This volume is a comprehensive study of parentification in the family—children who fulfill the role of parents to their own parents or to their siblings, almost always at the expense of their own development. The book is divided into two sections: theory and research and contextual perspectives.
Chapter 5: Assessing Childhood Parentification: Guidelines for Researchers and Clinicians
Assessing Childhood Parentification: Guidelines for Researchers and Clinicians
David, an 11-year-old who lives with his mother and two younger sisters, has long been his mother's primary source of emotional support and companionship. Since his parents’ divorce, he has also assumed increased responsibility for the care of his siblings and for the management of the household. Although David's role is critical and often burdensome (e.g., interfering with his ability to complete homework and to engage in extracurricular activities), his contributions and needs are rarely acknowledged by his family. Interestingly, he is showing signs of relating to peers like family members; that is, he is overly concerned about their problems and frequently takes great pains to help them.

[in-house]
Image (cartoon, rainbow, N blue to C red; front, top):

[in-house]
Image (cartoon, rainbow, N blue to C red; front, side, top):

Rosa and ...